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British Coastal Forces

...Two World Wars and After, from Seaforth

Title: British Coastal Forces
Author: Norman Friedman
Publisher: Seaforth Publishing
ISBN: 978-1-3990-1858-6

Covering 'Two World Wars and After', a new large format book from Seaforth Publishing. A 400-page hard-cover title, though also available in e-book formats.
Spread over 14 chapters, it starts with historical background and the Royal Navy developing their early fast patrol boats. The earliest ones were designed to make the best use of the torpedo, without a large warship to carry them. There was also a requirement for the Coastal Motor Boat (CMB) for a variety of duties. The first MTBs were used in WW1, an example of which is shown that is still on display at the Imperial War Museum site at Duxford. Then there were the fairly small number of boat builders who specialised in this type of craft. They form the subject of chapter 2, providing background to Thorneycroft, British Power Boats, Vosper, Fairmile plus a couple of smaller companies. After WW1 there was a slump in demand but that increased as war approached once again. As well as the MTB (Motor Torpedo Boat) and the MGB (Motor Gun Boat), there were plenty of other uses for these craft, such as harbour defences, ASW (Anti Submarine Warfare) and Mine Countermeasure roles. All these are covered, along with how they were used to counter the threat from the German E-Boats. Different types of engine were used over time, including petrol, diesel and steam turbine. One design that was trialled as far back as 1939 which I didn't know about before, was a hydrofoil, although it wasn't pursued at the time. Another example of special boats include MTB 74, which was modified to have the torpedo tubes fitted on the foredeck, to help get them over obstacles in the assault on St Nazaire. As well as less heavily armed boats there are chapters devoted to the employment of Coastal Forces during the Normandy campaign as well as their use post-WW2. There is also an Appendix looking specifically at the Air-Sea Rescue boats used by the RAF, who fulfilled such an important role. As well as the detailed text the book is highly illustrated throughout with a host of archive photos, with plenty of detail to be seen, plus a large number of the magnificent scale plans drawn by the late John Lambert.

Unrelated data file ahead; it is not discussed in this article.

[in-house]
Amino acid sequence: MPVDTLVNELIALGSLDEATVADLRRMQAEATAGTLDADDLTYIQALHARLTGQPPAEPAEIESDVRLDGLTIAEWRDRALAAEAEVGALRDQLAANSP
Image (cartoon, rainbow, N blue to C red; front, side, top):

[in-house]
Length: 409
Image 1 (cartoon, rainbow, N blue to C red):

Put all this together and it is difficult to try and give you an idea of just how much there is in here in just a short review. Author Norman Friedman is well known for his fine books on naval history, and this one is no exception. The level of detail is quite fantastic, both in the main chapters as well as the additional content you find in the Appendix and the full listing of the many boats that were in service over the time dealt with by the book. That list alone fills 24 pages. I believe this will be the go to reference on the subject for many years to come. Recommended without any hesitation.
Thanks to Pen & Sword for the review copy.


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